Why does special_bonds affect the intermolecular interaction?

I simulated a system with silicon dioxide and water, where a cluster of cylindrical water molecules was initially placed on the surface of silicon dioxide. The silicon dioxide was modeled using Emami et al.'s force field (https://pubs.acs.org/doi/10.1021/cm500365c), while water was modeled using the SPC/fw model. When I used the command ‘special_bonds 0 0 1’, the water molecules quickly dispersed and then gradually recondensed. However, when changed to ‘special_bonds 0 0 0’, the water molecules remained clustered. This suggests that the ‘special_bonds’ command altered the interactions between silicon dioxide and water or among the water molecules. This seems anomalous to me because ‘special_bonds’ should only affect interactions between directly or indirectly bonded atoms. Where might my understanding have gone wrong? I have attached my code below and upload the data file.
Q4_1000water.data (4.5 MB)

boundary p p p

units real
atom_style full

pair_style lj/cut/coul/long 12
bond_style harmonic
angle_style harmonic
pair_modify mix arithmetic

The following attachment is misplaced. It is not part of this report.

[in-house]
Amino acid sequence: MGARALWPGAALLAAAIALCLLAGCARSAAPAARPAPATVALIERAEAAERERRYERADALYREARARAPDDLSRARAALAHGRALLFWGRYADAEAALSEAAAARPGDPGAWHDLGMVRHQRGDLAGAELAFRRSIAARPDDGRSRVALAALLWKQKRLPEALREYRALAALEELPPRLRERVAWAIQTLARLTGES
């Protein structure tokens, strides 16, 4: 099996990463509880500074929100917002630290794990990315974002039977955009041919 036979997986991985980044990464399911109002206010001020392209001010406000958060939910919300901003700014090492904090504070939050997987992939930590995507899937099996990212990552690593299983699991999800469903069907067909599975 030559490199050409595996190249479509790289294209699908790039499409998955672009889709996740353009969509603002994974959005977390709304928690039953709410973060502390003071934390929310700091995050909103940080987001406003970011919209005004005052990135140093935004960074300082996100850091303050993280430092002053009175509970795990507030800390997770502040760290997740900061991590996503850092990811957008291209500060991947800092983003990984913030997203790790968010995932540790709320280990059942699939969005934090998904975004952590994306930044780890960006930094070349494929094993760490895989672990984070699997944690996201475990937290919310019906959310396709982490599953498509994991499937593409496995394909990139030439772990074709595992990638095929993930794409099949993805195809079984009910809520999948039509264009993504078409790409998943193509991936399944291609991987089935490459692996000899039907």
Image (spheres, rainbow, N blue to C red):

read_data Q4_1000water.data

group water type 5 6
group sio2 type 1 2 3 4

kspace_style pppm 1e-6

special_bonds lj/coul 0 0 1

velocity all create 298.15 85417 dist gaussian

fix 1 all nvt temp 298.15 298.15 $(100*dt)

timestep 1
thermo 1000
dump 1 all custom 1000 Q4_1000water.dump id type x y z vx vy vz
run 3000000

Thanks a lot for any help.


Your initial structure has rather high potential energy, so you should start your run with a minimization.

When you change the special_bonds setting, you significantly change the force field for your SiO2 slab. Even though you don’t have explicit dihedral interactions, changing special_bonds will exclude the 1-4 neighbors from the non-bonded computation. You can see the difference from the significantly higher pressure and the fact that the slab will buckle.

Thank you

After relaxing the system with ‘special_bonds 0 0 0’ before running it, I observed similar results to those with ‘special_bonds 0 0 1.’

Upon testing various scenarios, I’ve concluded that the issue doesn’t lie in the alteration of the ‘special_bonds’ setting but rather in the distinct temperature control effects among different systems. For instance, using the command:

fix 1 all nvt temp 298.15 298.15 $(100*dt)

Resulted in the silicon dioxide reaching temperatures below 200 K initially, while the water’s temperature exceeded 1,000 K.

However, by employing the following commands:

fix 1 water nvt temp 298.15 298.15 $(100*dt)

fix 2 sio2 nvt temp 298.15 298.15 $(100*dt)

The temperature control was effective, and the water molecules ceased their dispersion, aligning with my expectations. My confusion has been resolved.


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